Nephritogenic cytokines and disease in MRL-Faslpr kidneys are dependent on multiple T-cell subsets

T. Wada, A. Schwarting, Mark Chestnutt, D. Wofsy, V. R. Kelly

Research output: Contribution to journalArticle

20 Citations (Scopus)

Abstract

Background. Renal parenchymal cells produce cytokines, colony-stimulating factor-1 (CSF-1), granulocyte-macrophage colony-stimulating factor (GM-CSF), and tumor necrosis factor-α (TNF-α), which recruit autoreactive T cells and, in turn, elicit renal injury in MRL-Faslpr mice. Methods. To determine whether select T-cell populations regulate intrarenal nephritogenic cytokines (CSF-1, GM-CSF, and TNF-α) and renal disease, we compared MRL-Faslpr mice that are genetically deficient in T-cell receptor (TCR) αβ T cells, CD4 T cells, and major histocompatibility complex class I (MHC class I), lacking CD8 and double negative (DN) T cells, with wild-type mice. To identify the T cells instrumental in downstream (effector) events, we delivered CSF-1 or GM-CSF into the kidney via gene transfer in these select T-cell-deficient and wild-type strains. Results. Intrarenal CSF-1, GM-CSF, and TNF-α were absent or dramatically reduced in TCR αβ, CD4, and class I-deficient MRL-Faslpr strains as compared with wild-type mice. In addition, the decrease in CSF-1, GM-CSF, and TNF-α was associated with a reduced kidney leukocytic infiltrates and spontaneous autoimmune nephritis. Intrarenal ex vivo retroviral gene transfer of CSF-1 and GM-CSF failed to elicit nephritis in these T-cell-deficient MRL strains (TCR αβ, CD4, CD8/DN) as compared with wild-type mice. Conclusions. Multiple T-cell populations initiate renal disease by increasing intrarenal nephritogenic cytokines, CSF-1, GM-CSF, and TNF-α. CSF-1 and GM-CSF recruit additional CD4 and CD8 and DN T cells, which augment downstream events, resulting in progressive autoimmune renal disease. We suggest that MRL-Faslpr kidney disease is driven by a T-cell amplification feedback loop dependent on multiple T-cell populations.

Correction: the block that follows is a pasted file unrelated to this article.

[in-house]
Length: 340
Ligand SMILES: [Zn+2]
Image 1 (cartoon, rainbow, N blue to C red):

Original languageEnglish (US)
Pages (from-to)565-578
Number of pages14
JournalKidney International
Volume59
Issue number2
DOIs
StatePublished - Jan 1 2001
Externally publishedYes

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T-Lymphocyte Subsets
Macrophage Colony-Stimulating Factor
Granulocyte-Macrophage Colony-Stimulating Factor
Cytokines
T-Lymphocytes
Kidney
Tumor Necrosis Factor-alpha
T-Cell Antigen Receptor
Nephritis
Population
Kidney Diseases
Major Histocompatibility Complex
Genes
Autoimmune Diseases

Keywords

  • CSF-1
  • Gene transfer
  • GM-CSF
  • Lupus nephritis
  • Macrophages
  • TNF-β

ASJC Scopus subject areas

  • Nephrology

Cite this

Nephritogenic cytokines and disease in MRL-Faslpr kidneys are dependent on multiple T-cell subsets. / Wada, T.; Schwarting, A.; Chestnutt, Mark; Wofsy, D.; Kelly, V. R.

In: Kidney International, Vol. 59, No. 2, 01.01.2001, p. 565-578.

Research output: Contribution to journalArticle

Wada, T. ; Schwarting, A. ; Chestnutt, Mark ; Wofsy, D. ; Kelly, V. R. / Nephritogenic cytokines and disease in MRL-Faslpr kidneys are dependent on multiple T-cell subsets. In: Kidney International. 2001 ; Vol. 59, No. 2. pp. 565-578.
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T1 - Nephritogenic cytokines and disease in MRL-Faslpr kidneys are dependent on multiple T-cell subsets

AU - Wada, T.

AU - Schwarting, A.

AU - Chestnutt, Mark

AU - Wofsy, D.

AU - Kelly, V. R.

PY - 2001/1/1